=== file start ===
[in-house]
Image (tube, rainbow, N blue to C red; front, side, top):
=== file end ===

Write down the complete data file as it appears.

[in-house]
Image (tube, rainbow, N blue to C red; front, side, top):